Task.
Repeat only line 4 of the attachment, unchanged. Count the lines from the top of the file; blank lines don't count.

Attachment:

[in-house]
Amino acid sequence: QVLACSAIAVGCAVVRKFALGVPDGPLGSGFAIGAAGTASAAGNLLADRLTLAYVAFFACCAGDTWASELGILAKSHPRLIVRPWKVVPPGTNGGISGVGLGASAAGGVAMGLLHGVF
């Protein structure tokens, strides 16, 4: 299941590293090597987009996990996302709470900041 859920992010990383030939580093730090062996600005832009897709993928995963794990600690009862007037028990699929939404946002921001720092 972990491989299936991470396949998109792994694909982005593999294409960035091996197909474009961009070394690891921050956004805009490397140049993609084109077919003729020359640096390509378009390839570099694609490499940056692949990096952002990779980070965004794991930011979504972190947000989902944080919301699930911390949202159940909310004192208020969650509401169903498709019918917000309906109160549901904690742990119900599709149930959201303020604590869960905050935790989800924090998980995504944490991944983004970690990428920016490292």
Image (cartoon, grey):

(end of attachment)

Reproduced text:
Image (cartoon, grey):